Tuesday, October 03, 2006
Current Opinion in Genetics and Development:
Epigenetic variation and inheritance in mammals (Review Article)
In Press, Corrected Proof, Available online 26 September 2006
Vardhman K Rakyan and Stephan Beck.
What determines phenotype is one of the most fundamental questions in biology. Historically, the search for answers had focused on genetic or environmental variants, but recent studies in epigenetics have revealed a third mechanism that can influence phenotypic outcomes, even in the absence of genetic or environmental heterogeneity. Even more surprisingly, some epigenetic variants, or epialleles, can be inherited by the offspring, indicating the existence of a mechanism for biological heredity that is not based on DNA sequence. Recent work from mouse models, human monozygotic twin studies, and large-scale epigenetic profiling suggests that epigenetically determined phenotypes and epigenetic inheritance are more common than previously appreciated.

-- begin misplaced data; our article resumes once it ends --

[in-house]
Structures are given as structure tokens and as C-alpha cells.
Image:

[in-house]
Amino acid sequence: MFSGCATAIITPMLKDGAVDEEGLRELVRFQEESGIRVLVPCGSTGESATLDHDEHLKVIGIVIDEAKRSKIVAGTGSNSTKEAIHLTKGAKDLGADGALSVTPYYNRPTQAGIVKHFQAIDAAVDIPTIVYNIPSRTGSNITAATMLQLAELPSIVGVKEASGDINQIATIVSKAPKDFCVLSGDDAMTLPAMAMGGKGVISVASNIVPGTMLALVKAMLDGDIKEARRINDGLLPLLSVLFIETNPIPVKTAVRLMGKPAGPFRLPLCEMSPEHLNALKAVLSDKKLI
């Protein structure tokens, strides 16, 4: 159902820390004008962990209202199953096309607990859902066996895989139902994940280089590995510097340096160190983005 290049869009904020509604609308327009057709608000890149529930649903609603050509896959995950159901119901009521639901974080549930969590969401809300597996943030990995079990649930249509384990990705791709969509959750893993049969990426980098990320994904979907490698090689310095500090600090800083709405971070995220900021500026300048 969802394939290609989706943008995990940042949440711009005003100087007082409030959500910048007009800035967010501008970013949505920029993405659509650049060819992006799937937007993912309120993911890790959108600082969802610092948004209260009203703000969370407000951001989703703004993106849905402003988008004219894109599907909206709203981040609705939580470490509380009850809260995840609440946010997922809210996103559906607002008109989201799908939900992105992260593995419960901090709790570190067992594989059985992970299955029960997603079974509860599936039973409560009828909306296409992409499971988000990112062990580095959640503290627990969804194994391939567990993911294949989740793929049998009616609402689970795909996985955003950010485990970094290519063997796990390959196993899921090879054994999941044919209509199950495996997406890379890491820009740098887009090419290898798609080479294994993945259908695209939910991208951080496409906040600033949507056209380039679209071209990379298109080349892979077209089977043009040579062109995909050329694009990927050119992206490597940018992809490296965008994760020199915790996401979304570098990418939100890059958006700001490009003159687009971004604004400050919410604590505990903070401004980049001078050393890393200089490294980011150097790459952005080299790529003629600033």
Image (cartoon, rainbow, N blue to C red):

I've managed to get a copy from one of the authors! (via the Abstract link on the original post: "Wanted: Epigenetic variation and inheritance in mammals")
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